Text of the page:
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When the decision is made to make a change within the Singaporean education system, the change takes just one year. One year later the change has been fully implemented in every administration, every school, every classroom, and within every educational stake holder organization. Impressive, right? But how are they able to do this?

After spending one week involved in the education system of Singapore, one sentiment stood above the rest:

Shared vision.

Every citizen is considered a stake holder in education. Singaporeans are quick to let you know that they have no natural resources in their small country. Instead of focusing on this lack of natural resources, they turn to their people — the only resource they do have. The catch phrase is human capital. Within every Singaporean five year plan presented by the government, there is a focus on the people and a large focus on the education of their people.

So how do they implement changes in just one year? Success breeds success. There is a history of success in educational implementations, even as pedagogical approaches change and new technology is introduced in the classroom. This history of success allows for easy buy-in. Everyone stands behind the changes presented for the education system.

Everyone buys in.

While in Singapore, I had the opportunity to talk to a local shopkeeper. When she found out we were educators here to look into Singaporean education, she swelled with pride and only had good things to say. She commented on how good the system was and how it gave everyone a chance for success. She told us about her son, who was born in November, who was considered slower than his peers born in January who had a full 11 months of brain growth and development ahead of her son, since school enrollment is based on when children were born within a January to December school year. However, because of the tracking (yes, that evil word we no longer use in North Carolina), she says that her son has success every year. When he gets behind, he is allowed to move to a lower track. When he gets ahead, he is allowed to move to a higher track. The fluidity of the tracking system benefits her son greatly. When asked, she could not find anything negative to say about her son’s education.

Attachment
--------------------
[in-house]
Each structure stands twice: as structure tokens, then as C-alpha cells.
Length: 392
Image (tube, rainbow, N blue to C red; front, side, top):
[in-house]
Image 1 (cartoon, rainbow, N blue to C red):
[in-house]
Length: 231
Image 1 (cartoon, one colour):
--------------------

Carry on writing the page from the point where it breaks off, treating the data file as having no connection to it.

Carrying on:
I know that she was just one person, but how amazing is it to have that kind of buy in? To the point where even local people only have good things to say about their schools and their teachers and their educational decision makers? To me she was the embodiment of the common vision shared by the Singaporean citizens.

So how do we start creating a common vision here in North Carolina?

Do we start small within departments within schools and work our way out? Do we wait for a vision from the top and hope buy-in comes via a trickledown effect? Can we start at both ends and meet in the middle?

Megan Alvord

Megan Alvord is a physics teacher at Broughton High School in Raleigh.